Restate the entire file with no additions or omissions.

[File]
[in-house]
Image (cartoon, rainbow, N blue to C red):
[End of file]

[in-house]
Image (cartoon, rainbow, N blue to C red):